provide more comprehensive insights about whether the relational characteristics such as
integration are relevant factors to lead cooperative innovation. Second, most of the studies
have tried to understand how buyer-supplier relationships affect cooperation using a singlerespondent and dyadic samples. However, the antecedents and dynamics have mainly been
tested on separate groups of buyers and suppliers, rarely between buyers and suppliers in the
same relationship. Drawing away from previous studies, we adopt an inter-firm perspective
(Dyer and Singh, 1998) to provide a better understanding of how integrated buyer-supplier
relationship work in cooperative sustainable environmental R&D projects. The inter-firm

level of analysis allows examining contemporary characteristics of both buyers and suppliers,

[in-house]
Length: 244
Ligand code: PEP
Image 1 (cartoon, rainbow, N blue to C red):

keeping relevant information that individual perspective studies do not capture.
In the following section, we review the literature on the motivations for cooperative R&D
projects. In section 3, we develop the theoretical framework using argumentations from
Natural Resource Based View and Transaction Cost Theory under a relational view. In the
section 4, we explain research methodology, including data collection, measurement and
hypothesis testing. In the section 5, we present the results of model. Finally, we discuss the
findings and the limitations of the study, offering some guidelines for future research in
section 6.

TECH#OLOGY U#CERTAI#TY A#D THE RATIO#ALE FOR R&D COOPERATIO#


The literature on cooperation shows essentially four large areas of interest: the reasons that
lead firms to cooperate, the measurement of results of cooperation, the selection of partners